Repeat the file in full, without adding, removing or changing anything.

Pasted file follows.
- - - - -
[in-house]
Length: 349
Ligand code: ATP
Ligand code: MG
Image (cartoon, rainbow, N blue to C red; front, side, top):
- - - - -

[in-house]
Length: 349
Ligand code: ATP
Ligand code: MG
Image (cartoon, rainbow, N blue to C red; front, side, top):